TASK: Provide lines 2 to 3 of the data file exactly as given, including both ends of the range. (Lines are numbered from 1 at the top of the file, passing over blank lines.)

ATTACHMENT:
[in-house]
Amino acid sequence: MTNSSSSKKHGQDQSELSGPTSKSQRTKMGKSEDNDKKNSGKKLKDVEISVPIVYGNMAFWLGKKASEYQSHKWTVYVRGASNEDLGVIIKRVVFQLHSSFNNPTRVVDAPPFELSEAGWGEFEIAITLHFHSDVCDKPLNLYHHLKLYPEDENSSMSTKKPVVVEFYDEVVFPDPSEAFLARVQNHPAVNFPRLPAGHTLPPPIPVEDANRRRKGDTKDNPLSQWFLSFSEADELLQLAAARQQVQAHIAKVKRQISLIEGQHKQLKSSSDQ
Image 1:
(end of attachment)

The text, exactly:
Amino acid sequence: MTNSSSSKKHGQDQSELSGPTSKSQRTKMGKSEDNDKKNSGKKLKDVEISVPIVYGNMAFWLGKKASEYQSHKWTVYVRGASNEDLGVIIKRVVFQLHSSFNNPTRVVDAPPFELSEAGWGEFEIAITLHFHSDVCDKPLNLYHHLKLYPEDENSSMSTKKPVVVEFYDEVVFPDPSEAFLARVQNHPAVNFPRLPAGHTLPPPIPVEDANRRRKGDTKDNPLSQWFLSFSEADELLQLAAARQQVQAHIAKVKRQISLIEGQHKQLKSSSDQ
Image 1: